This started out to be a piece on some of my favorite Irish music. It very quickly turned into something else. Like me, my wife was of both Scottish and Irish heritage. She was a true Celtic princess, proud of her ancestry leading back to kings and queens in both countries. She loved to listen to music and would often have me play video tunes for her, as we would sit here by my desk holding hands. I am going to play some of her favorite Irish melodies for you this St. Patrick’s Day. I hope these beautiful, and in some cases ancient, melodies speak to you. Not too surprisingly, some are love songs. We were married 55 years, and I miss her terribly.
Sometimes, music helps.
First, I want to share a bit of my own family history. On my maternal grandparents’ side, my grandmother’s family brought the family china from Ireland when they came to the Colonies. It is some of the first Staffordshire made by William Adams, and has been in the family since about 1770. This tea set is what remains of the original set.
Although made in England, it was purchased in Ireland and has been in our possession for more than 240 years.
Follow me over the orange swirl for more…..
This is for Letha, my Celtic princess. Descended from both Scottish and Irish Kings. Letha is the Gaelic word for Brittany. It is a name that has been passed down in her family for centuries.
Here are two details from her stone:
Percy French wrote the Mountains of Mourne in 1896 in collaboration with his partner, Dr. W. Houston Collisson. French wrote the words one day when the Mountains were visible from the Hill of Howth, near Dublin. He sent the poem to Dr. Collisson and the song was born. This is Don McLean:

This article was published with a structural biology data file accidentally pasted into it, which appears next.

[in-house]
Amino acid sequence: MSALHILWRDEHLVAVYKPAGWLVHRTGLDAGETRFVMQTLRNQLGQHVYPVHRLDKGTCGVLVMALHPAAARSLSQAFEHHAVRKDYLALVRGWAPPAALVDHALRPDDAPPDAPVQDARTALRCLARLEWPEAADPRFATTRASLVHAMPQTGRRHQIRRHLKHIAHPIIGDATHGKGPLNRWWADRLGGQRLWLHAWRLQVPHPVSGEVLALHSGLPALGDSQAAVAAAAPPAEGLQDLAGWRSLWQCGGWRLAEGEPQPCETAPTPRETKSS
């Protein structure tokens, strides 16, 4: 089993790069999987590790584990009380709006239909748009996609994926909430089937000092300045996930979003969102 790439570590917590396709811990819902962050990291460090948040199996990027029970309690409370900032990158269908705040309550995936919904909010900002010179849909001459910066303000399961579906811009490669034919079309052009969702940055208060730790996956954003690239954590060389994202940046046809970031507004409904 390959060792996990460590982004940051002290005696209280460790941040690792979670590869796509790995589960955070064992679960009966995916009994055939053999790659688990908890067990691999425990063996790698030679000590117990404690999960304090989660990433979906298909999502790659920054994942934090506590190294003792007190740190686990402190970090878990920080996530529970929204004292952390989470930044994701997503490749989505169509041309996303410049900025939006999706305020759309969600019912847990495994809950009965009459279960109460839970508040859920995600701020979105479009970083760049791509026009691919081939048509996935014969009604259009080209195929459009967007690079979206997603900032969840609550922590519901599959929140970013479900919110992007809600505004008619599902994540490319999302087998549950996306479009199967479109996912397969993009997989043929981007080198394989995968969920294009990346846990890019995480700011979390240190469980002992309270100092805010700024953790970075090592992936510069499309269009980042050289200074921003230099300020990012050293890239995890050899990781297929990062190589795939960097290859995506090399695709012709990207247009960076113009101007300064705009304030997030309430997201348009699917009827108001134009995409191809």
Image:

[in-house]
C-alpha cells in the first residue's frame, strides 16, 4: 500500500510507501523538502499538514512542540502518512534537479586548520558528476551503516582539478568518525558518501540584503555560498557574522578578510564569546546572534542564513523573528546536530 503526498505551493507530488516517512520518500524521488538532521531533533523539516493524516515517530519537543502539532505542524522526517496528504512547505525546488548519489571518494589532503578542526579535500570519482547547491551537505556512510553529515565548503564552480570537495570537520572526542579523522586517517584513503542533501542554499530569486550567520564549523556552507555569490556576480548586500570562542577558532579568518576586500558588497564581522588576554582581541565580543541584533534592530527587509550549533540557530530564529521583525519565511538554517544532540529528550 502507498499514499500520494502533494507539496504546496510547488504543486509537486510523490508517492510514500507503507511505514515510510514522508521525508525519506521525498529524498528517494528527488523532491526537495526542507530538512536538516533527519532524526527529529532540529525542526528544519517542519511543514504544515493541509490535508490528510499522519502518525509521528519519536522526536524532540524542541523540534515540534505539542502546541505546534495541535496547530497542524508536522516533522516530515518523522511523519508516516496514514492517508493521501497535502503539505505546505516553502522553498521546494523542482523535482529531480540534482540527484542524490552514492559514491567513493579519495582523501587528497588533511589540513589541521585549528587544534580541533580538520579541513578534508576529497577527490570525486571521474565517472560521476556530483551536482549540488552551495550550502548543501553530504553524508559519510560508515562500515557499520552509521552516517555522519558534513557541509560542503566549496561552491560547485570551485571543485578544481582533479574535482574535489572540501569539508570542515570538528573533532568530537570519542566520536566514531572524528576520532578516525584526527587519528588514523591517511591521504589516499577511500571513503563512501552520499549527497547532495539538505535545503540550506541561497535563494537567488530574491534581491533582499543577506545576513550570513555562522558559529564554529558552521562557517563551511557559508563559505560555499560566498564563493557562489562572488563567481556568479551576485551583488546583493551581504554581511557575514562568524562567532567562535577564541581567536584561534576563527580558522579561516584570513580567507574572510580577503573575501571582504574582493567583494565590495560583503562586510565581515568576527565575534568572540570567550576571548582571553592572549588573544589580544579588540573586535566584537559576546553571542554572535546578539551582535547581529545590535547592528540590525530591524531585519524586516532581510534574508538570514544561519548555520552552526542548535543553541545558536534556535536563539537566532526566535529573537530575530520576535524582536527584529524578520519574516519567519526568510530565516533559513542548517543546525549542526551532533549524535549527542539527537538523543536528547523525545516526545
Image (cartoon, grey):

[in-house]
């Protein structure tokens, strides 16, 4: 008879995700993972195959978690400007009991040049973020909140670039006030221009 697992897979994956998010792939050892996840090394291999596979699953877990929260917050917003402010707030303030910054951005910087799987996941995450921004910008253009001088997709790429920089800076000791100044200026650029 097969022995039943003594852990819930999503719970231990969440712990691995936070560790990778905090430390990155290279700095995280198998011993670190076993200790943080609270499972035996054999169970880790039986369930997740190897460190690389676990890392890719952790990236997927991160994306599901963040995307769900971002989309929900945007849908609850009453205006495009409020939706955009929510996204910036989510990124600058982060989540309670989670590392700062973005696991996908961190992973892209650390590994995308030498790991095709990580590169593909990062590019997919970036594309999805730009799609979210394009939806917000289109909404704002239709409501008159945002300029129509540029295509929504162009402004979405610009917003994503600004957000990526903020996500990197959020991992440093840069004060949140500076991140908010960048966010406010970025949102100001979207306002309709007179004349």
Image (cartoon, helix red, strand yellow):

The Fields of Athenry is an Irish folk ballad. The setting is the Great Irish Famine of 1845-1850. The words are those of a man named Michael from near Athenry in County Galway. He was sentenced to transportation to Botany Bay, Australia. His crime? He stole some corn to feed his starving family. The English regarded sentencing to transportation only about one step lower than execution. The poor convicted wretch is torn from his family and sent by prison ship halfway around the world to a colony, never to return. Michael had been sentenced for, “stealing Trevelyan’s corn.” This is a reference to Charles Edward Trevelyan, a senior British civil servant in the administration of the Lord Lieutenant of Ireland. Trevelyan believed the starving Irish could subsist on maize. Maize was a grain they had no knowledge of, and did not even know how to prepare it for cooking. One of Letha's favorite Irish tenors was Daniel O'Donnell. This beautiful and haunting ballad is one of his best:
The Isle of Innisfree is a song composed by Irish poet and composer Dick Farrelly, who wrote both the music and lyrics. Dick said he got the inspiration for Isle of Innisfree while taking a bus trip to Dublin from his native Kells, in County Meath. The song is often confused with Yeat’s poem, Lake Isle of Innisfree, but that poem is completely different from Farrelly’s lovely song. She loved Charlie Landsborough and we often sat and listened to him sing one of the great all time love songs, I Will Love You All My Life. Here he sings the haunting The Isle of Innisfree: